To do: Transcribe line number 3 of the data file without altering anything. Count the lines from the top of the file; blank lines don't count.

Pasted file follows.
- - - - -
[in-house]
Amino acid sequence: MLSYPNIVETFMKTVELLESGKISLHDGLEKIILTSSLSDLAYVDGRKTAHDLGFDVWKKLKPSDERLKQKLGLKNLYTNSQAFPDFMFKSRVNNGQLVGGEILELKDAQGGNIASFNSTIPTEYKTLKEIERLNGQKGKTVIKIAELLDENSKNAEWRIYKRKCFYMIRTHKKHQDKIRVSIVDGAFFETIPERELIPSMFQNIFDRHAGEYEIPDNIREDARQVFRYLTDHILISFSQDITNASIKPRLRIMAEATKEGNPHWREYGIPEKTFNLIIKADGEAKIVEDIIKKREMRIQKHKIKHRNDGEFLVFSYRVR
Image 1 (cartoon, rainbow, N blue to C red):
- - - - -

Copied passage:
Image 1 (cartoon, rainbow, N blue to C red):